Tapered Lines

Millions of school children have been told that Isaac Newton was sitting under an apple tree when an apple fell on his head, giving him the idea that led to his description of gravity and his laws of motion. I prefer to think that he was sitting under a tree pondering how Charles Cotton, who had written the fly fishing chapters of the Compleat Angler only a few years earlier, could cast such a light line. It's all about physics.

It turns out that the taper of a line makes the line tip speed up as it "turns over." The crack of a whip is a small sonic boom created when the tip actually breaks the sound barrier. Tenkara lines don't break the sound barrier, but the physics of cracking a whip and casting a tenkara line are very much the same. The energy stored in the line as it is cast helps the light line tip overcome wind resistance.

I don't want to get into the whole Force = Mass X Acceleration stuff, because once you get past assuming a vacuum, things get pretty complicated. Assuming a vacuum is a bit like assuming you have permission to fish the Upper Beaverkill. Things could get very complicated. Very complicated indeed.

The sad reality is that you're never going to cast in a vacuum (and you're never going to get permission to fish the Upper Beaverkill). You'll always have to overcome wind resistance, which is the factor limiting how light a line you can cast. Charles Cotton was able to cast so light a line because a wet horsehair line is actually pretty dense, and has enough weight to overcome its wind resistance.

For modern line materials, fluorocarbon is quite a bit denser than nylon mono, so it is easier for a fluorocarbon line to overcome wind resistance. Whichever material is used, you want the end of the line to which the tippet is attached to be heavy enough to turn over the tippet and fly, yet light enough that it lands on the water softly.

To get a line where the tippet end is as light as possible and yet have a line that is heavy enough for stiffer rods to cast, it is necessary to taper the line. This is particularly true for rods like the Daiwa Kiyose SF. That is not to say that they can't cast a level line, it's just that a level line heavy enough for them to cast easily is heavier than necessary to turn over the tippet.

The softer rods (for example a Nissin Zerosum or a Suntech Kurenai) do not require as heavy a line to cast easily. A level line that is heavy enough for them to cast is not so heavy that it causes substantial disturbance when it lands on the water. For them, a level line becomes a reasonable compromise - not too heavy, not too light, and not too complicated. I believe that is why in Japan, 5:5 rods are generally thought of as being level line rods. And that is not to say they can't cast a tapered line, it's just that getting the taper right so that there is enough mass at the line tip without making the whole line too heavy is a tricky business.

Most of the tapered lines I have come across are much heavier than necessary for all but the stiffest of rods, with one exception and one special case. The exception is the nylon tapered lines made by Fujino of Japan - the Tenkara Midi  and Soft Tenkara lines, and the Fujino Tenkara Lines. These are made from nylon and are essentially very long, very hi-vis knotless fly fishing leaders. They turn over extremely well (because of the taper) but are not that great in the wind (because they're nylon). The best thing about them (aside from being extremely visible) is that they are not too heavy for even soft rods.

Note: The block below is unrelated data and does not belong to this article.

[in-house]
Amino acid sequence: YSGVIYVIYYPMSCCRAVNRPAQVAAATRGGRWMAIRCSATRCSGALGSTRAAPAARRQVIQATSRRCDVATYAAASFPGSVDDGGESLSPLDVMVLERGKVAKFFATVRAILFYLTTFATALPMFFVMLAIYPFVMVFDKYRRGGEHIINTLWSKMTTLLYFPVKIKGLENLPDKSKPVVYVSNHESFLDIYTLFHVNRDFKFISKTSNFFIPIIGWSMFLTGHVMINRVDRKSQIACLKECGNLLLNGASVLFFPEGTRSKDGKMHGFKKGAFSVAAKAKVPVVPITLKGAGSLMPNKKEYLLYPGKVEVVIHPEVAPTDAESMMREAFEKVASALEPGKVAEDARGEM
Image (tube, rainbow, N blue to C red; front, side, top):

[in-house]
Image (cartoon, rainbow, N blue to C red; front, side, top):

The special case is for particularly long lines. Not long ago I had a session with a couple spey casting instructors, playing around with some very long rods (up to 20') and very long lines (considerably longer than the rod), and we all agreed that the lines that worked best were the tapered ones. They were also fluorocarbon, giving them not only the taper but also the density required to fully extend and turn over. The Nissin PALS Fuji Style SP Pro is an excellent example of a tapered fluorocarbon line that is made by a tenkara master in Japan and comes in lengths up to 6 meters.

Most of the commercially available furled tenkara lines are very easy to cast. That is because they are heavy. A line that is heavier is easier to cast. It loads the rod nicely and is unaffected by wind resistance. The only problem is that you can't keep it off the water's surface. All lines sag but heavy lines sag more and you just can't keep them off the water. It is easier to cast with a heavy line, but it is easier to catch (fish) with a lighter line.

To me, the very essence of tenkara is the light line, which together with the long rod allows you to keep the line off the water's surface. That minimizes drag. Less drag pretty much equals more fish.

In addition to light weight, for me high visibility is critical.

Hi-Vis line needed here

I write about hi-vis lines a lot, and the photo above illustrates why. With a dark forest background on both sides of the stream, there is no way I could see a lo-vis or even medium-vis tenkara line while I am casting. If I can't see the line as I am casting, it will take precious time to find it after the cast. Because strikes occasionally come as soon as your fly hits the water, you have to be ready immediately. If your line isn't easy to see you'll certainly miss some of the strikes.

For a tapered line that is not too heavy and also extremely visible, I would suggest the Fujino tapered nylon lines. For the stiffer rods, or for fishing in a breeze, the denser twisted fluorocarbon Nissin PALS lines would be better.

They're not hi-vis, but the tapered horsehair lines you can make with the Horsehair Line Kit can be tailor-made for your specific rod. If you've never tried them, they will surprise you.


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